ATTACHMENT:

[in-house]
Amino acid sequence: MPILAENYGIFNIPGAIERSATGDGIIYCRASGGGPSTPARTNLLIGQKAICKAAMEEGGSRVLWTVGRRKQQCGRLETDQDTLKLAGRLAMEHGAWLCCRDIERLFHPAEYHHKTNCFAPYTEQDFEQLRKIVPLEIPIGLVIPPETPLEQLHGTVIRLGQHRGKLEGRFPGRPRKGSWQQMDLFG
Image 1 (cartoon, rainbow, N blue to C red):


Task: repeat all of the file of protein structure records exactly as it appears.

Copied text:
[in-house]
Amino acid sequence: MPILAENYGIFNIPGAIERSATGDGIIYCRASGGGPSTPARTNLLIGQKAICKAAMEEGGSRVLWTVGRRKQQCGRLETDQDTLKLAGRLAMEHGAWLCCRDIERLFHPAEYHHKTNCFAPYTEQDFEQLRKIVPLEIPIGLVIPPETPLEQLHGTVIRLGQHRGKLEGRFPGRPRKGSWQQMDLFG
Image 1 (cartoon, rainbow, N blue to C red):